WMU News

Renowned Indian classical musician performs at WMU

March 12, 2001

KALAMAZOO -- The campus and Kalamazoo community will get a sample of the south Indian classical music of the chitravina, considered one of the world's oldest instruments and the precursor for the slide guitar, when nationally acclaimed Indian musician Ravikiran performs at the University Wednesday, March 14.

His performance, at 7 p.m. in 1110 Dalton Center, is sponsored by the Diether H. Haenicke Institute for International and Area Studies and by the School of Music. It is free and open to the public.

Ravikiran, from Chennai in southern India, is considered by many the undisputed master and most significant proponent of the chitravina. He also has the distinction of being the youngest performer of a concert, which he did at the age of two.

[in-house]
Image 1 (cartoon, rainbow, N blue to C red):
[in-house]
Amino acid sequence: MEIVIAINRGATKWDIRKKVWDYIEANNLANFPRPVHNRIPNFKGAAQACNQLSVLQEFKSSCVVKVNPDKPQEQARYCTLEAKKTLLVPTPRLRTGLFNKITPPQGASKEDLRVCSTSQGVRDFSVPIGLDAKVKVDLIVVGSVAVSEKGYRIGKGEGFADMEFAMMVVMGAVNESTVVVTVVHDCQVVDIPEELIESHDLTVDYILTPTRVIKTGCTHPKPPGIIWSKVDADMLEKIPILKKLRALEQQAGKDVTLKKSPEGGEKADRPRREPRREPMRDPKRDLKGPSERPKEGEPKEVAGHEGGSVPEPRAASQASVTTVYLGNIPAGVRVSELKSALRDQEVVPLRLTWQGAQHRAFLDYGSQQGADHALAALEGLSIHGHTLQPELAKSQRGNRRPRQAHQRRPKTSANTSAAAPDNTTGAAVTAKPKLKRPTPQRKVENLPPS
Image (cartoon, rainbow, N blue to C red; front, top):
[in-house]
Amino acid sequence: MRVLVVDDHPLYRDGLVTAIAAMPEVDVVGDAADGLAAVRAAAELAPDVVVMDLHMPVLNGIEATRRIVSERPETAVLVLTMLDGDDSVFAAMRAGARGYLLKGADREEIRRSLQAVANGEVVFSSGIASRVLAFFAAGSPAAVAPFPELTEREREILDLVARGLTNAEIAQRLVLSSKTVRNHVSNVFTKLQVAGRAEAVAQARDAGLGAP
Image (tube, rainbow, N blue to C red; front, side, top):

A performer, composer and teacher, he has created and directed numerous ballets and orchestras. In addition, he has worked with musicians from around the world and was the first Indian musician to collaborate with BBC Philharmonic artists. Ravikiran also has written a number of books, including "Appreciating Carnatic Music" and "Perfecting Carnatic Music."

During his performance at WMU, Ravikiran will be accompanied on the violin by Jayashankar Balan of Detroit, and on the mridangam (percussion) by Rohan Krishnamurthy, a Kalamazoo ninth grader who has been described as a "percussion prodigy" and has performed extensively in the U.S. and India.

For more information, contact Matthew Steel in the WMU School of Music, 616 387-4682.

Media contact: Mark Schwerin, 616 387-8400, mark.schwerin@wmich.edu

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